The Quiet War is at least in part a parable about the Cold War, with two sides holding diametrically opposed philosophies and conflict seeming inevitable despite the fact that most people don’t want it to happen. Or one could read it as an allegory for the Iraq War (not that either side matches up), given that it’s instigated almost entirely by a small group of people on one side, and the reader is led to sympathise with the large but ultimately marginalised peace movement. The novel is told from the point of view of a few different characters, the most important amongst them being Macy Minnot, a American scientist sent as part of a team to work on the construction of a biome on Callisto by the government of Brazil. The biome is a good faith gesture which elements of the Brazilian government want to sabotage, and through a series of events Macy is framed for murder and forced to defect to the Outers. McAuley is thus given the opportunity to take us on a grand tour of his invented world as Macy begins her new life as an exile in the outer system, the drumbeats of war growing louder.

You can easily see the influence of Kim Stanley Robinson in this novel, not just in the thoughtful scope of his futuristic world-building and the repeated scientific infodumps, but also in the sort of worldviews he, as an author, seems to possess. There’s an awful lot of exposition when it comes to both scene-setting (understandably hard to avoid in this type of story) and character motivation (less tolerable). His two major characters are both scientists – rational, intelligent, level-headed people constantly troubled by the lesser minds around them. There’s one particularly telling scene on Ganymede, where Macy is trying to settle into her new life and is constantly harassed and bullied by a “cosmo angel” named Jibril, a narcissistic performance artist who films and disseminates her reactions. Jibril is the only “traditional” artist of any kind in the book; certainly the genetic creations of some of the more genius scientists are presented as art. The presentation of this character, along with a fellow Ganymedean’s suggestion to Macy that she should “video them videoing you and post it; make your own art that critiques Jibril’s,” gave me a fairly clear idea of what Paul McAuley, hard science fiction writer, thinks about the respective importance of art and science.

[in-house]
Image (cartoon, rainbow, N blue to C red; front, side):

But as with Robinson, it’s hard to fault him for it, when he’s presenting such a beautiful vision of science as art: of the human race spreading out across the worlds, harnessing technology to create new life, building floating gardens in the atmosphere of Saturn or treetop cities on low gravity moons where humans fly between the branches. It’s a compelling vision of a possible future for humanity, war and all, which makes you vaguely depressed to look up from it and remember that it’s 2014 and we still have no plans to go to Mars. I can see why it won the Arthur C. Clarke Award; it’s a pretty classic candidate.

It’s a shame, on the whole, that The Quiet War’s story – with its clunky exposition, constant political subterfuge and doublecrossing, and unmemorable characters – doesn’t quite live up to the world it takes place in. (Story of science fiction’s life, I guess.) It also ends on a somewhat abrupt note, with the war over but the outer system in disarray, and the characters treading water. There’s a sequel, which I’ll probably read, but I’m in no rush to do so.
Profile Image for Ian Mond.
486 reviews74 followers
February 10, 2014
If I didn’t have this compulsion to finish everything I start I would have stopped reading The Quiet War around page 50. But in spite of the voice in my head telling me that life is too short to be reading stodgy prose, endless descriptions of space plants and space engineering and the potted life history of dull characters, I kept reading. And you know what? Eight days later, after turning the last of 439 pages, I decided that I wanted to read the sequel.

Much of this has to do with the fact that after about 100 pages the book calms down and starts telling a story rather than describing everything in obsessive detail. McAuley, who has written pot boiler-like thrillers in the recent past (which I’ve enjoyed) starts too ramp up the tension as the war between Earth and the outlying colonies on Jupiter and Saturn becomes inevitable.